Power and Authority in The Crucible

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About this sample

About this sample


Words: 856 |

Pages: 2|

5 min read

Published: Jun 13, 2024

Words: 856|Pages: 2|5 min read

Published: Jun 13, 2024

Table of contents

  1. Abigail Williams: Manipulating Power for Personal Gain
  2. Deputy Governor Danforth: The Tyranny of Authority
  3. Reverend Parris: The Corrupting Influence of Power
  4. Conclusion

In Arthur Miller's play, The Crucible, power and authority play a significant role in shaping the events and outcomes. Set in Salem, Massachusetts, during the infamous witch trials of the 17th century, the play explores the abuse and manipulation of power by individuals in positions of authority. Through the examination of various characters and their actions, The Crucible highlights the destructive consequences of unchecked power and the importance of questioning authority. This essay will analyze the themes of power and authority in The Crucible, focusing on the characters of Abigail Williams, Deputy Governor Danforth, and Reverend Parris.

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Abigail Williams: Manipulating Power for Personal Gain

Abigail Williams, the central antagonist of The Crucible, is a young woman who uses her position within the community to gain power and control over others. From the very beginning, Abigail displays her desire for power by accusing innocent individuals of witchcraft. She manipulates the fears and beliefs of the townspeople, convincing them that she has been possessed by the devil and that the accused are responsible for her affliction.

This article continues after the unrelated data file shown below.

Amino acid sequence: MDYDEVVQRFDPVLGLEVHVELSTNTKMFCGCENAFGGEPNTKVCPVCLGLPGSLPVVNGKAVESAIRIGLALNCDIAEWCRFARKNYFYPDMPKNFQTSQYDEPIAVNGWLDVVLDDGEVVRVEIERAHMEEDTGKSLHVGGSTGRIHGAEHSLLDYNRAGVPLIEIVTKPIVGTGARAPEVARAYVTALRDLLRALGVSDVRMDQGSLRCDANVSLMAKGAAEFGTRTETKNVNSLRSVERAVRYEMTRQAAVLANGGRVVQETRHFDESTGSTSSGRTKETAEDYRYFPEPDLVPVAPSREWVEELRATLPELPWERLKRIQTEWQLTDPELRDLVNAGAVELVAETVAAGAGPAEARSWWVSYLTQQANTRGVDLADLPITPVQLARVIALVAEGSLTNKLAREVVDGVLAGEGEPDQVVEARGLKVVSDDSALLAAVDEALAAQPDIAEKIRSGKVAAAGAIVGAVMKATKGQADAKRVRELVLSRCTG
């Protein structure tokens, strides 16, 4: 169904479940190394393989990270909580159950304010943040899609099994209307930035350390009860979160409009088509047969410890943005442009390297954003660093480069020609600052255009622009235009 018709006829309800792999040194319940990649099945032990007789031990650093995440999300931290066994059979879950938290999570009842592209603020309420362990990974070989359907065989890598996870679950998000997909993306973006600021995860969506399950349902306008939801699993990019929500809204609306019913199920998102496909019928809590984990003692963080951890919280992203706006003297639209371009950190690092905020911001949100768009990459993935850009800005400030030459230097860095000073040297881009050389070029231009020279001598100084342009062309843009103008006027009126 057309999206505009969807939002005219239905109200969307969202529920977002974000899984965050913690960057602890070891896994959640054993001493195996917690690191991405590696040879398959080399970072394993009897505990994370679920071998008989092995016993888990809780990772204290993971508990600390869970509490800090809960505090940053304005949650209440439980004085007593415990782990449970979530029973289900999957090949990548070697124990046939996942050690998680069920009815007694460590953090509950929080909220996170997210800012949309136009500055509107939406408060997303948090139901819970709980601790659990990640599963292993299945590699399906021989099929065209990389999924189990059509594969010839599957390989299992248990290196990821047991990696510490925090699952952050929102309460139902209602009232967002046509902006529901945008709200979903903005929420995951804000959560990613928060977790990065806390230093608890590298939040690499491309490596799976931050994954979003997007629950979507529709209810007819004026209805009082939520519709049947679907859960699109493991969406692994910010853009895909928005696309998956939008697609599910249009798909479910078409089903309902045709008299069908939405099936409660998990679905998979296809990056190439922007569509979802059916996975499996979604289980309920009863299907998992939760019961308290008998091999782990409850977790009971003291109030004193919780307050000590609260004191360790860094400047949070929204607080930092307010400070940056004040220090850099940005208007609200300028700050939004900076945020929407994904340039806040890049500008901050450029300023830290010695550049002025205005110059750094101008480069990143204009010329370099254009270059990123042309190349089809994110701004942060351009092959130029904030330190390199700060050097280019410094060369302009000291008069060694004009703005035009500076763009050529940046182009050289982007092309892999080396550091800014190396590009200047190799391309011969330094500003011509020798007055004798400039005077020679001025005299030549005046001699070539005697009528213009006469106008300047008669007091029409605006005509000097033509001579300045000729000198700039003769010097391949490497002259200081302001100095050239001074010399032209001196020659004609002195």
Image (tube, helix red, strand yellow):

Abigail's manipulation of power is evident in her interactions with John Proctor, the protagonist of the play. Despite their previous affair, Abigail seeks to regain control over John by accusing his wife, Elizabeth, of witchcraft. Abigail's actions not only demonstrate her lust for power but also reveal the destructive consequences of unchecked authority. Through her lies and deceit, Abigail manages to sway the opinions of the court and condemn innocent people to their deaths.

This abuse of power by Abigail mirrors the real-life events of the McCarthy era in the United States during the 1950s. Like Abigail, Senator Joseph McCarthy used his position of authority to accuse individuals of being communists, leading to widespread fear and the destruction of many innocent lives. Miller, who wrote The Crucible as an allegory for McCarthyism, highlights the dangers of unchecked power and the devastating consequences it can have on society.

Deputy Governor Danforth: The Tyranny of Authority

Deputy Governor Danforth, one of the key figures in The Crucible, represents the tyranny of authority. As the highest-ranking official overseeing the witch trials, Danforth wields immense power and is unwilling to question the validity of the accusations brought before him. He is portrayed as a rigid and uncompromising ruler who believes that his actions are justified in the pursuit of justice.

Danforth's authority is evident in his refusal to listen to any evidence that may challenge the validity of the witch trials. When Mary Warren attempts to confess that the accusations are false, Danforth dismisses her claims and asserts his own power by stating, "We burn a hot fire here; it melts down all concealment." This statement reflects Danforth's belief that he has the power to uncover the truth, even if it means sacrificing innocent lives in the process.